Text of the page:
Investment levels in the arts over the last seven years contributed to another difficult year for the arts sector. Headline figures show fewer performances delivered in 2017-18, an increase in the number of staff working on a part-time or contract basis, a decline in the number of volunteers working for core arts organisations, and a reduction in the number of outreach activities taking place.
However, despite declining income levels, arts organisations reported an overall increase in the number of arts activities carried out, with a rise in the number of festivals and participation-based events. The report also revealed the positive efforts organisations were making to deliver a range of social outcomes, with 51 per cent of activities delivered in the most deprived 10 areas in Northern Ireland, as well as the targeted work taking place with children/young people and deprived communities.
Roisin McDonough, Chief Executive of the Arts Council, commented:
“The data presented today has been gathered from the 106 organisations funded through the Arts Council’s Annual Funding Programme. It is a reflection of their financial position, employment figures, the work they undertake, the services they offer, and their geographic reach.
“While there are some positives to be found in today’s report, overall the survey reflects a troubling financial climate. Our major arts organisations are facing reduced funding and rising core cost, which is impacting on their programming, their ability to deliver outreach activities and to reach new audiences through publicity and marketing.”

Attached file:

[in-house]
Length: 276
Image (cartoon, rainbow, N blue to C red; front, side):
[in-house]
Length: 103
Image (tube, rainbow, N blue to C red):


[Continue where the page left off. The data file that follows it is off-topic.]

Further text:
Part of the Arts Council’s research programme aims to provide data on activity funded through the Annual Funding Programme. This helps to demonstrate the results of our significant investment in a core group of arts organisations and contributes to increasing the knowledge and understanding of the value of this investment.
These statistics detail findings from the 2017/18 Annual Funding Survey which was completed by 106 arts organisations. These organisations received £13m under its Annual Funding Programme.
As with last year, the data is presented in the form of an interactive dashboard (below) to make it easier to analyse. Each of the four excel spreadsheets can be interrogated by selecting the desired criteria in the drop-down box at the top of the page.
Some Key Findings
- Small and medium scale arts organisations remain most vulnerable to cuts in public funding due to their reliance on Arts Council funding and limited ability to generate earned income, for example through box-office sales.
- Arts organisations continue to operate in a challenging operational environment with increasing core costs having to be covered by funding originally allocated for programming. This is impacting on organisations ability to deliver outreach and invest in reaching new audiences through publicity and marketing.
- The number of volunteers working for core funded organisations fell by 12 per cent compared to 2016-17. The time contributed by these volunteers increased by 2 per cent to over 100,000 hours.
- Fewer people are being taken on as apprentices by core funded clients.
- The vast majority of activity still takes place in urban areas, reflecting the geographical location of arts organisations. A larger proportion of activity was delivered in rural areas compared to the previous year.
- Fewer performances were delivered in 2017-18. Despite an increase in the proportion of discounted and discretionary sales, the average ticket yield increased. This suggests organisations are increasing the price of tickets to offset reductions in income.